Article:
We are all in need of some distraction as the election and COVID-19 drag on. With Halloween around the corner, why not talk about some of my favorite horror games? Are these games suitable for children? I’ll let you take a wild guess on that one. Even with their mature overtones, there’s a lot to enjoy and scare yourself with after the young ones have gone to bed.
Dead Space Series
Set hundreds of years in the future, humans have slowly used up the earth’s resources. So the next best thing to do is explore the galaxy and tear apart other planets so they can survive. That’s very human of us after all. After a mining vessel over a remote planet goes silent after calling for help, you (Isaac Clarke), a simple space engineer, show up with your fellow crew mates to answer the call and repair the ship. It goes about as well as you can imagine.
Zombies stories, in my opinion, do not come better than what Dead Space offers. And the space setting is very chilling, as it captures the same suspense horror that was made classic in the movie ‘Alien’ from 1979. But what’s even better than the jump scares is the story itself, which is incredibly moving as it drifts between an mere engineer struggling to survive while slowly edging towards insanity and a much bigger social commentary on religion and humanity’s selfish nature.
It’ll scare the hell out of you and is not for the faint of heart. Even the most criticized of the series, Dead Space 3, is an incredible thrill ride that is only judged harshly because it had to stand up to the giants that are Dead Space 1 and 2.
Rating: 10/10 for all 3 games, which hold up well even though the first was released in 2008
Child Friendliness: Sweet mercy, no! If you’re finally drinking age, you may be ready to play these games.
This series is inspired by ideas and themes from writers such as George Orwell and Ayn Rand, and the book Atlas Shrugged. Notably, it is also one of the first games to bring horror and choice together into one, not only commenting on dystopian themes such as unbridled capitalism and the true nature of humans, but also adding the layer of allowing players to make very controversial choices on their own.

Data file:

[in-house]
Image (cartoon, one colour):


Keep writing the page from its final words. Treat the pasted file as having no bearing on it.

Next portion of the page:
In the 1st game the underwater city of Rapture is built by the visionary Andrew Ryan. He dreams of a capitalist world free from government and ethics, allowing people to do and progress as they please. Everything you can imagine goes without regulation, from shady business, murder, and genetic mutation. A true test of the basic economic principle of “the invisible hand.”
The idea goes as badly as you can imagine, and building a city on the bottom of the ocean was only going to end in disaster anyway. Your character, Jack, is thrust into this city in the aftermath of its own downfall. Under the decay of this underwater imploding city, you fight through hordes of mutated citizens whose use of plasmids (the genetic engineering tool I mentioned) has turned them insane and powerful. The most terrifying though is the “Big Daddy” (seen above in the picture), a mutated monster who’s only purpose is to protect the “Little Sisters” (also in the pic above), the source of the plasmids. If you’re able to dispatch the Bid Daddies, you then decide the fate of the Little Sisters as you can save them or use their plasmids to empower yourself. This moral dilemma reflects the ethics of not just the game characters but also the player themselves.